Chronic viral coinfections differentially affect the likelihood of developing long COVID

J Clin Invest. 2023 Feb 1;133(3):e163669. doi: 10.1172/JCI163669.

Abstract

BACKGROUNDThe presence and reactivation of chronic viral infections, such as EBV, CMV, and HIV, have been proposed as potential contributors to long COVID (LC), but studies in well-characterized postacute cohorts of individuals with COVID-19 over a longer time course consistent with current case definitions of LC are limited.METHODSIn a cohort of 280 adults with prior SARS-CoV-2 infection, we assessed the presence and types of LC symptoms and prior medical history (including COVID-19 history and HIV status) and performed serological testing for EBV and CMV using a commercial laboratory. We used covariate-adjusted binary logistic regression models to identify independent associations between variables and LC symptoms.RESULTSWe observed that LC symptoms, such as fatigue and neurocognitive dysfunction, at a median of 4 months following initial diagnosis were independently associated with serological evidence suggesting recent EBV reactivation (early antigen-diffuse IgG positivity) or high nuclear antigen (EBNA) IgG levels but not with ongoing EBV viremia. Serological evidence suggesting recent EBV reactivation (early antigen-diffuse IgG positivity) was most strongly associated with fatigue (OR = 2.12). Underlying HIV infection was also independently associated with neurocognitive LC (OR = 2.5). Interestingly, participants who had serologic evidence of prior CMV infection were less likely to develop neurocognitive LC (OR = 0.52).CONCLUSIONOverall, these findings suggest differential effects of chronic viral coinfections on the likelihood of developing LC and association with distinct syndromic patterns. Further assessment during the acute phase of COVID-19 is warranted.TRIAL REGISTRATIONLong-term Impact of Infection with Novel Coronavirus; ClinicalTrials.gov NCT04362150.FUNDINGThis work was supported by NIH/National Institute of Allergy and Infectious Diseases grants (3R01AI141003-03S1, R01AI158013, and K24AI145806); the Zuckerberg San Francisco General Hospital Department of Medicine and Division of HIV, Infectious Diseases, and Global Medicine; and the UCSF-Bay Area Center for AIDS Research (P30-AI027763).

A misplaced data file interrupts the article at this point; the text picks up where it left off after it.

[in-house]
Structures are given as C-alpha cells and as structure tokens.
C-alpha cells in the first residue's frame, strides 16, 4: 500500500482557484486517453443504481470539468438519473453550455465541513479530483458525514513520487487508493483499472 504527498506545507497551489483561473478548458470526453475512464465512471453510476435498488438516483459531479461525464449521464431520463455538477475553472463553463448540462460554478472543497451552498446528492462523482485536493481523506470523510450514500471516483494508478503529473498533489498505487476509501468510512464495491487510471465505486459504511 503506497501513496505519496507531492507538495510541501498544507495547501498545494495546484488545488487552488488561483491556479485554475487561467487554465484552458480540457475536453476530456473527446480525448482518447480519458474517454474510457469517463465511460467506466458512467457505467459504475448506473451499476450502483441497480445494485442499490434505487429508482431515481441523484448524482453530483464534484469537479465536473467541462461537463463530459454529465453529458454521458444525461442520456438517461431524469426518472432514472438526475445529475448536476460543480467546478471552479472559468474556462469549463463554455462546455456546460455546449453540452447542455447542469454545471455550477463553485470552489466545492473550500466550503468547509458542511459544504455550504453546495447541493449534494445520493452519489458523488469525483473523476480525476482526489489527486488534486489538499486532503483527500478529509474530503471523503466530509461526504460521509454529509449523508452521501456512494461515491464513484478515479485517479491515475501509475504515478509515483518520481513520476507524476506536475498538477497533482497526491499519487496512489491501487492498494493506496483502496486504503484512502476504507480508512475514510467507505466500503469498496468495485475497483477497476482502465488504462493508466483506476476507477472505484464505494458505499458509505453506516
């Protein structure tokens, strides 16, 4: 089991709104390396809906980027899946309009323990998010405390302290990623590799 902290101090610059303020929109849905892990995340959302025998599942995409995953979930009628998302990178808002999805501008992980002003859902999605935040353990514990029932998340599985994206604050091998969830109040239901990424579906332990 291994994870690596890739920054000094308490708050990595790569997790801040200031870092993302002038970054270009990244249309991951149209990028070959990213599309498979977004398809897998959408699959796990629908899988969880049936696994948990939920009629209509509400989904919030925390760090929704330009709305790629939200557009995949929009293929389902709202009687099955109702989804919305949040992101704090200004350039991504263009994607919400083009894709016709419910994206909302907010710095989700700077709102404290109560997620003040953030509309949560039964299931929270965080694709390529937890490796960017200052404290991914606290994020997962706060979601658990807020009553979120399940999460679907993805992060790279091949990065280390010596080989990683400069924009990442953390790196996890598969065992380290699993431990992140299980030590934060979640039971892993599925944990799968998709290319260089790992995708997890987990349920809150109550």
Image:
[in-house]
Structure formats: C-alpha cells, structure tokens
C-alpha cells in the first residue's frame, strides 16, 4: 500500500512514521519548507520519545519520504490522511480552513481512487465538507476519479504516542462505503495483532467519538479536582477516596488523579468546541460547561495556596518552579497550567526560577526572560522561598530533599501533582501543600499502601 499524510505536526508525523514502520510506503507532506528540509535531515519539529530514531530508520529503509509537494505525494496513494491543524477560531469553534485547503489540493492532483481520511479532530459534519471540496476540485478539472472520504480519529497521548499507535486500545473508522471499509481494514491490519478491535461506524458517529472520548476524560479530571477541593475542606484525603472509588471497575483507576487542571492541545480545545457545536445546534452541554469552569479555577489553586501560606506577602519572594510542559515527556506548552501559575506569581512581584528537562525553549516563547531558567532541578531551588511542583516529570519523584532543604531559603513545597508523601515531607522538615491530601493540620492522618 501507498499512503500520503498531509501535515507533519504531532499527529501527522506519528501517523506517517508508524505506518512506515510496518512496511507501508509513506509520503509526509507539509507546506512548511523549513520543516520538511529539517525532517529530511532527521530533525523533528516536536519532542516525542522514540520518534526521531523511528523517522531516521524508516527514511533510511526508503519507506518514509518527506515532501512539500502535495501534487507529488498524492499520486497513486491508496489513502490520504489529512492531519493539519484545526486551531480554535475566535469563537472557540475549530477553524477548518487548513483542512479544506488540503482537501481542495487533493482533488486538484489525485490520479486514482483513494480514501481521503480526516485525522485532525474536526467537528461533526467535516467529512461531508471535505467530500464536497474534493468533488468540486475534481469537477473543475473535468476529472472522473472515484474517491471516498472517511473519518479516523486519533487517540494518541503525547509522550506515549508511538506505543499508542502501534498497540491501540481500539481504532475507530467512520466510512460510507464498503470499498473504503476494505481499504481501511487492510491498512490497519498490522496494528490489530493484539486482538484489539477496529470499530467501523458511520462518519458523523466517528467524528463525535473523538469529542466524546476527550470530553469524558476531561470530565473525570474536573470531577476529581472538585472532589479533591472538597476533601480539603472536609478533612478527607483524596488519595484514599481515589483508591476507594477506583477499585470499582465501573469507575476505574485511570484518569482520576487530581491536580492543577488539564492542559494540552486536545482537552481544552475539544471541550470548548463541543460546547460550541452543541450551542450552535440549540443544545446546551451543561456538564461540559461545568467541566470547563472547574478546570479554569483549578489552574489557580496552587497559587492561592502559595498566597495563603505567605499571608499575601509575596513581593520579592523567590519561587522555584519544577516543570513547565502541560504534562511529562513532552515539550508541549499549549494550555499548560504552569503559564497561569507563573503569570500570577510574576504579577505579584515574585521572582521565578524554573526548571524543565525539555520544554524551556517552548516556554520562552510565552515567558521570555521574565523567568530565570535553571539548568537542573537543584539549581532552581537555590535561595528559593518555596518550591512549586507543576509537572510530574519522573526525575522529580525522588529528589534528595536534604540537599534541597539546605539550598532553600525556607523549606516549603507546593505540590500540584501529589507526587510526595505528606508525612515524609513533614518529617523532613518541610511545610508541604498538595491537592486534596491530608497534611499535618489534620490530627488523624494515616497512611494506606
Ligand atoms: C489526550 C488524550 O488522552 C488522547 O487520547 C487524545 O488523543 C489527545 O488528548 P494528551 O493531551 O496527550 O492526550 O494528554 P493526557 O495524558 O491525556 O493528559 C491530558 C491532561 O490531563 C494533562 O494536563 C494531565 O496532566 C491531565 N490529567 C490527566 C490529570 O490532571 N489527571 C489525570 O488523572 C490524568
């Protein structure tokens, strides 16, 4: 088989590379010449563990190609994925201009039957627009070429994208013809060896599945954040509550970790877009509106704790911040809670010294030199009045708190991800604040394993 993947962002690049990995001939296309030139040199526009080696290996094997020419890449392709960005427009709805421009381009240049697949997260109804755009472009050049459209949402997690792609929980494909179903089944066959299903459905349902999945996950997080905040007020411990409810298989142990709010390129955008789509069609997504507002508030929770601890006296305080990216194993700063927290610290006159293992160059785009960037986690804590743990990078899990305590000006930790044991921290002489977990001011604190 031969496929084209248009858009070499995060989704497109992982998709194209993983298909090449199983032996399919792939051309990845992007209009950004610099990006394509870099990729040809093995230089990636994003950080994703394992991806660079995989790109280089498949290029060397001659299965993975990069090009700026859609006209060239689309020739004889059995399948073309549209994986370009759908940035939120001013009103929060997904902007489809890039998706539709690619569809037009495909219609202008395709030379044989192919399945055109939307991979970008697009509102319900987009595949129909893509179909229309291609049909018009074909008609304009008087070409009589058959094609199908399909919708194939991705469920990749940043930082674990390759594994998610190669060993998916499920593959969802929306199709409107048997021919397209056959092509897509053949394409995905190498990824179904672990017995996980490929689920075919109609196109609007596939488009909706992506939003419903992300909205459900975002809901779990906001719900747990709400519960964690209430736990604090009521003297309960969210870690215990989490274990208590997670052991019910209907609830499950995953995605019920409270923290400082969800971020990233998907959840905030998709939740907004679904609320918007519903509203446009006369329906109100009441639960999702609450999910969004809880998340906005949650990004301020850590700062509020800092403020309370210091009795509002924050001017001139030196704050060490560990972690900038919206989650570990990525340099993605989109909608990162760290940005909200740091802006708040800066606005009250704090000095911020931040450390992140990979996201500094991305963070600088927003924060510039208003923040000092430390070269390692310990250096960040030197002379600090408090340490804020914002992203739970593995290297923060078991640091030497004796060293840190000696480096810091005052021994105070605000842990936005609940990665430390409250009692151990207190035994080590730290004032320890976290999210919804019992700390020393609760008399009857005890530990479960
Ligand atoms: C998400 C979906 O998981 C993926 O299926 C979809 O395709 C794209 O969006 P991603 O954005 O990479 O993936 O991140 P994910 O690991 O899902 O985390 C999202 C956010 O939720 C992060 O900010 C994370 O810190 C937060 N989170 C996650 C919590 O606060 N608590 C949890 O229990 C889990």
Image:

Keywords: Adaptive immunity; COVID-19; Cytokines.

Associated data

  • ClinicalTrials.gov/NCT04362150